Jakarta to build $870m seaport
The new port, to be completed by 2010, will relieve overcrowding at the Tanjung Priok terminal and compete with other regional ports.
Indonesia is planning to build a new multi-million-dollar seaport here to alleviate congestion at its Tanjung Priok terminal as well as to compete with other regional ports.
Estimated at US$500 million (S$870 million), the Jakarta New Port project covers an area of 245ha in East Ancol in the northern part of the capital.
Local newspaper reports said that a consortium of Indonesian and Japanese companies will begin construction in December to build the port over five stages.
The first phase of the project, including construction of a 600m-long quay for a car and passenger terminal, will be finished in 2006, but the entire project to build 15 terminals will only be completed by 2010.
Jakarta Governor Sutiyoso said that the new port will support the operations of the overcrowded Tanjung Priok harbour, shortening the docking time of incoming vessels and providing low-cost loading and unloading services.
‘Tanjung Priok has not expanded after 150 years in operation and is no longer efficient,’ he said earlier this week at the project launch.
Currently, most ships arriving in Jakarta use the Tanjung Priok Port. Shippers complain it could take up to a week to get cargo unloaded.
When the new port is ready, ships could be in and out in as little as 12 hours.
The rationale stems from the need to speed up cargo services and increase the competitiveness of the country’s shipping and industrial sectors.
‘It will make the industrial sector more competitive, especially in the auto industry,’ he said.
‘When I was in Japan recently, I observed operations in the Yokohama Port. It was smooth and goods got moved out in hours, not days, as is the case in Tanjung Priok,’ he said.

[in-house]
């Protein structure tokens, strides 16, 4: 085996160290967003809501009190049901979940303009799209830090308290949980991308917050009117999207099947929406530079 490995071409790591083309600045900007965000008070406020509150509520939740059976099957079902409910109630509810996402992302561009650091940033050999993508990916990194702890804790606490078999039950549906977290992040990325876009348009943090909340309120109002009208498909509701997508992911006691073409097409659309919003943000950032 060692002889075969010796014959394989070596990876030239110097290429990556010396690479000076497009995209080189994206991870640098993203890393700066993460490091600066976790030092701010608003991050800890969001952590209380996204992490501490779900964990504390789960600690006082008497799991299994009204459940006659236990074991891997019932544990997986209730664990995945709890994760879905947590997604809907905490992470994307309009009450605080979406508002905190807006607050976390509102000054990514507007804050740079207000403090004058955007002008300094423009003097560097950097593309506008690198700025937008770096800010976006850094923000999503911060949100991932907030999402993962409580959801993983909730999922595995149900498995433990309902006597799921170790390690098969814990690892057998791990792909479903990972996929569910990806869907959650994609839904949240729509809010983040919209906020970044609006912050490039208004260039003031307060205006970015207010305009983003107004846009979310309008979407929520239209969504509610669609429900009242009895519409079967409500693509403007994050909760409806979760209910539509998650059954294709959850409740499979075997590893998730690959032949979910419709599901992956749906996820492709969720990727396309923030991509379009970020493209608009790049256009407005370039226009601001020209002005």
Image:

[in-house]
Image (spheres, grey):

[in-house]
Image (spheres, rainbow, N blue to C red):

‘Our current port is just not competitive.’
Indeed, a motivating factor for the project is to compete with other Asian countries such as Singapore, Malaysia, Thailand, Hong Kong, Japan and South Korea to be a regional hub for shipping.
Mr Sutiyoso said the idea for the Jakarta New Port was also influenced by the Asean Free Trade Area’s requirement for more efficient ports to encourage free trade in the region.
‘We need to ensure that our port facilities match that of other Asian countries so that we can ensure greater exports and imports through Jakarta,’ he said.
Reinforcing this point, Mr Oentoro Surya, chairman of the Indonesian National Ship Owners Association, said the new terminals could serve as a trans-shipment port in Asean for container ships.
The Jakarta Post said the port would share its 15 berths along a 5.2km-long quay with the Indonesian navy’s Western Fleet, which currently operates 30 patrol vessels.
‘Within five years, we will upgrade the fleet to about 140,’ said the fleet commander, First Admiral Moeklas Sidik.
The English-language daily also noted that the port is part of a huge waterfront reclamation project which includes housing, hotels, a marina, an industrial zone, offices and shopping malls and covering about 2,700ha.